Lents, Portland, Oregon


Lents, Portland, Oregon

Infobox Neighborhood Portland OR
neighborhood_name = Lents
association_name = Lents Neighborhood Association
association_website =
coalition_name = East Portland Neighborhood Office
coalition_website = http://www.epno.org
area = 7.86
map_url = http://www.portlandonline.com/shared/cfm/image.cfm?id=58590
portlandmaps_x = 7673211.481
portlandmaps_y = 666167.619
censusyear = 2000
pop_total = 15576
pop_density = 1982
households_total = 5756
occupancy = 93
households_owned = 3192
households_owned_pct = 55
households_rented = 2564
households_rented_pct = 45
household_size = 2.71
footnotes =
The Lents neighborhood in the Southeast section of Portland, Oregon is bordered by SE Powell Blvd. on the north, the Clackamas County line or City of Portland line on the south (whichever is farther south), SE 82nd Ave. to the west, and roughly SE 112th on the east. The NE corner overlaps with the Powellhurst-Gilbert neighborhood. In addition to Powellhurst-Gilbert on the north and east, Lents also borders Foster-Powell, Mt. Scott-Arleta, and Brentwood-Darlington on the west and Pleasant Valley on the east.

The neighborhood is one of the larger in the city at 3.75 mi² (7.86 km²); one of its oldest; and one of its most diverse, with many Asian, Russian/Eastern European, and Latino immigrants [http://www.dansadowsky.com/lentsmarket.html] , although among locals Lents still has the reputation of being white and lower class.

Lents is 7 miles (11 km) southeast of downtown Portland and lies within the 97266 ZIP code.

History

Lents was originally platted as the Town of Lent by Oliver P. Lent (1830–1899) in 1892. The original town was bounded by SE Foster Rd., SE Duke St., SE 92nd Ave, and SE 97th Ave.

Lent's town was originally built as a self-sufficient town and suburb of Portland. As Portland spread further out, Lents was annexed into the city in 1912. Because of its distance from central Portland and lower income class, it has been repeatedly neglected by the city.Fact|date=February 2007 The I-205 Freeway was originally destined for 39th Ave., but the money in Laurelhurst kept it from being built there.Fact|date=February 2007 Then the freeway was planned for 52nd Ave, but by the time it came to final planning, the city had grown. This necessitated moving it further out to 95th Ave.Fact|date=February 2007 Lents did not have the money to fight the city, and the freeway was built, ripping the suburb in half. In contrast, Maywood Park at NE Prescott St., was able to establish itself as its own city, and politically fight the freeway from cutting through the neighborhood.

Transportation

The I-205 Freeway cuts right through the center of the original town, where SE 92nd Ave. (the original road to Oregon City) met SE Foster Rd. (which led to Foster's Farm). Beginning in 1892, a streetcar ran from downtown Portland to serve the Town of Lent. The route traveled from downtown across the Hawthorne Bridge to SE 50th Ave. At SE 50th, an extant curve in the road shows the route going south. SE 50th Ave. runs into SE Foster Rd. The trolley continued on SE Foster Rd. to SE 72nd Ave., bearing south. Another extant curve to the left at Gray's Corner sent the trolley east on SE Woodstock Blvd. This road was followed through to the curve at 97th which sent it into the neighborhood south of SE Foster Rd. After several more blocks, the line ended at SE 100th Ave. where it met the Springwater Interurban Streetcar. The Springwater continued to points east, eventually ending in Estacada.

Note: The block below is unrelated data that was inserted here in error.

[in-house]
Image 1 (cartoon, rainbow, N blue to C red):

Lents is served by the TriMet bus lines 10-Harold, 14-Hawthorne, 17-Holgate, 19-Woodstock, 71-60th Avenue/122nd Avenue and 72-82nd Avenue.

U.S. Route 26 (SE Powell Blvd.) and Oregon Route 213 (SE 82nd Ave.) are major thoroughfares through the neighborhood.

Parks

* [http://www.dignitymemorial.com/0456/LocalHome.aspx Lincoln Memorial Park Cemetery] (1909)
* [http://www.portlandonline.com/parks/finder/index.cfm?action=ViewPark&PropertyID=234 Lents Park] (1914)
* [http://www.portlandonline.com/parks/finder/index.cfm?action=ViewPark&PropertyID=61 Bloomington Park] (1940)
* [http://www.portlandonline.com/parks/finder/index.cfm?action=ViewPark&PropertyID=154 Glenwood Park] (1941)
* [http://www.portlandonline.com/parks/finder/index.cfm?action=ViewPark&PropertyID=231 Lents Community Garden] (1976)
* [http://www.portlandonline.com/parks/finder/index.cfm?action=ViewPark&PropertyID=112&c=38308 Ed Benedict Park] (1986)
* [http://www.portlandonline.com/parks/finder/index.cfm?action=ViewPark&PropertyID=101 Earl Boyles Park] (1986)
* [http://www.portlandonline.com/parks/finder/index.cfm?action=ViewPark&PropertyID=679 Springwater Corridor Trail] (1990)
* [http://www.portlandonline.com/parks/finder/index.cfm?action=ViewPark&PropertyID=811 Tenino Property] (1994)
* [http://www.portlandonline.com/parks/index.cfm?c=djihc&a=jdfjd Beggars Tick Natural Area]
* [http://www.portlandonline.com/parks/index.cfm?c=djihc&a=jdhgd Zenger Property]
*I-205 Bike Path

Future

In recent years, Portland has seen the potential value of the Lents neighborhood and established it as an Urban Renewal Zone, subsidizing new building and remodeling costs and temporarily waiving property taxes. Many new homes and businesses have been established and more are planned. The MAX light rail system is being expanded southward from the Gateway hub, along I-205 to the Clackamas Town Center.

External links

* [http://www.quantumneighborhood.com/lentsfoodgroup/ Lents Food Group]
* [http://www.portlandonline.com/shared/cfm/image.cfm?id=90929 Lents Neighborhood Plan] (Portland Bureau of Planning, 1986)
*Mapit-US-cityscale|45.47540|-122.56207


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